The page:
Steve's Mountain Bike PageI'm not a racer, or the world's best rider, but I've been riding offroad for over 25 years - I ride for fun and fitness and to enjoy the beauty of the hills and mountains where I am blessed to live.
I started riding offroad around the Neath and Afan valleys in 1979-80 on my 5-speed O'Brian road bike, but fortunately mountain bikes were invented shortly afterwards and are a vast improvement. The frames are much stronger, gearing far lower, and above all the brakes work. Damage to bike and rider is greatly reduced, though it remains a risky sport.
I currently have two mountain bikes, a 1995 Raleigh M-Trax Ti2000 and a 2005 Kona Dawg. My oldest son Rhys has taken over the Ti2000, so I'll rarely ride it now. My younger son Jordan rides a Trek 820 and daughter Rebekah uses a Trek Mountain Lion until she grows tall enough to use the Giant Hollywood that's waiting for her. Anne rarely rides but can use her Apollo MTB, or ride the Giant or Jordan's Trek.
Raleigh M-Trax Ti2000
I bought this new in mid 1995. It has a bonded titanium frame with aluminium lugs and cro-mo steel rear triangle. When new it had cantilever brakes, a 21-speed Shimano STX-RC groupset, rigid forks, flar XC bars with bar ends and pedals with toe-straps. I added SPD pedals, a rack, and rode it in that condition until the first big refit about 1998. I added a Marzocchi Bomber Z5 air fork, changed the cantilevers for V-brakes, fitted my trusty Brooks saddle off my tourer, bought new wheels and upgraded the transmission to 24 speed LX. In 2002 I changed the front wheel to one with a Hope hub and fitted a mechanical disk brake, upgraded 2004 to a Magura hydraulic disk. Due to neck pain I raised the handlebar height by fitting a riser bar and stem extension.
By 2006 my oldest son Rhys was tall enough to ride the Ti2000 so I removed the stem extension, changed the pedals to DMR V8's, and gave the bike a service so he could ride it as well as me. Rhys asked me to take=off the rack and we fitted 'crud' guards front and rear. The frame is still good for fast XC riding so the retirement of the Ti2000 may still be some way off.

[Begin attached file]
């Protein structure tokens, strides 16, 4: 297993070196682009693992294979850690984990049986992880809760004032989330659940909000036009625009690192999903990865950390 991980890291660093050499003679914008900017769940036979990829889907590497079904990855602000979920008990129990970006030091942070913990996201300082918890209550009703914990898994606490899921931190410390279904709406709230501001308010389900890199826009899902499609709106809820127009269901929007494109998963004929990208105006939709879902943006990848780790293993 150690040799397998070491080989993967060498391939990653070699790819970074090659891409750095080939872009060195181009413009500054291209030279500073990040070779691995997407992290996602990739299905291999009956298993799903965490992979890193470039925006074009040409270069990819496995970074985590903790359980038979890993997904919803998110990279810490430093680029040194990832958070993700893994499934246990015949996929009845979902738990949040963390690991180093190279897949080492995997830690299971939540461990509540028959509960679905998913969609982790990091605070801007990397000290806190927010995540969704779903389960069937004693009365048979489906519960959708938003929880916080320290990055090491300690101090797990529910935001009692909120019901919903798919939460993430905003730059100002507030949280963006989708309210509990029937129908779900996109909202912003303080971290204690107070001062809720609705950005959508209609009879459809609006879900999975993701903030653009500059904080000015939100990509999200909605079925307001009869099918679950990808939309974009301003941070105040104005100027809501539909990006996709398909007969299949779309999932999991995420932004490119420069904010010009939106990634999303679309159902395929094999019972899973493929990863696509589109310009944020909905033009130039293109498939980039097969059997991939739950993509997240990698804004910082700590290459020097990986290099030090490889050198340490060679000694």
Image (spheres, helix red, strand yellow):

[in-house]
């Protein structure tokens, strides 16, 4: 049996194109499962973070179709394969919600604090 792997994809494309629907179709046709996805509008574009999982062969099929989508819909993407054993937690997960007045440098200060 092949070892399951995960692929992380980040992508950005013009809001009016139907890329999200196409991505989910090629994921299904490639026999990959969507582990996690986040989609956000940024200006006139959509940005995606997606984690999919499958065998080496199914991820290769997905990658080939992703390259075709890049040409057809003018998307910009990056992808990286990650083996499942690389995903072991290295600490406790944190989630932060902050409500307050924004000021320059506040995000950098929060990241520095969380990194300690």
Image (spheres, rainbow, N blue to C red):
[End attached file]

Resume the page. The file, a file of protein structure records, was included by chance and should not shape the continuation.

Well you can't live next to one of the world's top 10 riding destinations and not ride there can you. We moved home to the Neath Valley in 2001. I had been riding recumbents since 1996 but by early 2006 it was obvious that I hardly used them anymore (nearly all my road riding is on my 2004 Brompton folder) so I sold my ICE Q-NT recumbent trike and bought a 2005 model Kona Dawg from my local bike shop, Skyline Cycles in Glyncorrwg. Why the Dawg? I need a fairly upright riding position or my neck hurts, and Kona's "Back Country" range of "all-mountain" bikes fit me well. I talked to local riders and mechanics and got the impression that the Kona bikes were more solidly built than some rival brands, and able to cope very well with the terrain of the Neath and Afan valleys. The fact that Skyline use them as hire-bikes speaks volumes for the durability and maintainability of Kona frames and suspension systems. The clincher was that Skyline had a 2005 Dawg available for two-thirds the original price (to make way for 2006 stock). I test-rode the Kona versus a Commencal Meta 5.30 and although the Commencal had a nicer front fork (Fox Float 130mm) the riding stance was too low for me, so the Kona won. See the Kona website for info about the '05 Dawg here.
I have the luxury of being able to cycle from my home straight onto National Cycle Network Route 47 - the high-level route from Neath to Pontypridd over the mountains (grin). It takes 25-30 minutes to winch myself up to the 200m contour above home, and once I'm up there I can head into the forests for hours. Once through the first forest section I can opt to turn right and join the Afan Forest Park all-weather tracks, or continue on to Craig-y-Llyn (this now forms part of the new Skyline trail), or turn left and head downhill to Resolven if I need a fast road-ride (or canal towpath) home to Tonna. Safety is important and some sections have poor mobile phone coverage. I always carry some tools, water, a whistle and torch, first aid kit, map and space-blanket.
Afan Forest Park
We live only a few miles from the Afan Forest Park, voted in 2004 as one of the planet's Top 10 MTB destinations. Lucky us eh - see http://www.mbwales.com for full details of Afan and other Welsh mountain biking centres.